At a glance, people could see how sustainably the raw materials were sourced, the product manufactured, how easily it could be dismantled or transformed into something new and, most importantly, kept out of landfills. Governments could tax products with a lower rating, given they cost more to reuse or dispose of.

Waste not want not

The subject of recycling is as vast as the pile of garbage we generate every day, and some very compelling arguments against it are worth looking into. While for the most part it is good, recycling can be tricky and, at times, can cause more harm than good – especially when done wrongly. Aside from several misconceptions about the correct process of recycling, not everything that’s recyclable gets recycled.

The Zero Waste International Alliance defines zero waste as "the conservation of all resources by means of responsible production, consumption, reuse, and recovery of all products, packaging, and materials without burning them, and without discharges to land, water, or air that threaten the environment or human health."

Quite a hefty standard to aspire to, but one which San Francisco and Singapore have firmly in view. San Francisco diverts about 80 per cent, more than 1.5 million tonnes of waste from landfills annually. In Japan, it is now illegal to throw away appliances. Instead, it must be returned to the shop of purchase where it gets dismantled and reused. Perhaps the subject of dismantling can become part of design curriculums?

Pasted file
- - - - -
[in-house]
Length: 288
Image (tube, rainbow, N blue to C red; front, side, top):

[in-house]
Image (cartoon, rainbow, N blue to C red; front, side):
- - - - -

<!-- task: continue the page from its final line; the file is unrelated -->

Director of the Zero Waste Project, Kirstie Pecci, says: "The solid waste industry has done a fantastic job of convincing us that large landfills and incinerators are at best benign, and at worst necessary evils in a modern economy." Zero Waste programmes have been shown to outperform landfills and incinerators on every measure: job creation, impact on the environment and public health, resource or energy conservation, sustainability and real costs to consumers and municipalities.

Circular Economy 2.0: Humans will save the day

As large industries start to embrace the mission for a sustainable future, European Economic Social Committee rapporteur Carlos Trias Pintó is calling to start the Circular Economy 2.0 to tackle and advocate for consumer information and education to steer them "towards circular behaviour patterns".

In his book, The Ultimate Resource, Julian Lincoln challenges the notion that humanity is running out of resources and believes: The 'ultimate resource' is not any physical object but the capacity for humans to invent and adapt. He says there exist undiscovered sources; sources that are not yet economically or technologically feasible to extract, as well as ignored resources that could prove useful but are not yet worth trying to discover.

Will human ingenuity be able to navigate through this mess? If we use our resources wisely, sparingly and completely, we will always have enough. When manufacturers become responsible for disposal, the very definition of waste will be redefined and new possibilities recognised. We need to start thinking about this before something that takes up so little head space will occupy everything around us.

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Cristian Biotto
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Cristian Biotto